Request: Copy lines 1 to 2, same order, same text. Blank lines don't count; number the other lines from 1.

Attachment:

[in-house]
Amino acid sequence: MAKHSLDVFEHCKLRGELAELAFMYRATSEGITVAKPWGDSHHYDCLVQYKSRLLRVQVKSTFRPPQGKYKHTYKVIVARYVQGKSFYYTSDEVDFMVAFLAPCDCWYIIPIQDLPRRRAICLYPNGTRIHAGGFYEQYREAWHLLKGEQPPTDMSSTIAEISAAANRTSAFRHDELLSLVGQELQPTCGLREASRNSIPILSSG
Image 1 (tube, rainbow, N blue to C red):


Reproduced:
[in-house]
Amino acid sequence: MAKHSLDVFEHCKLRGELAELAFMYRATSEGITVAKPWGDSHHYDCLVQYKSRLLRVQVKSTFRPPQGKYKHTYKVIVARYVQGKSFYYTSDEVDFMVAFLAPCDCWYIIPIQDLPRRRAICLYPNGTRIHAGGFYEQYREAWHLLKGEQPPTDMSSTIAEISAAANRTSAFRHDELLSLVGQELQPTCGLREASRNSIPILSSG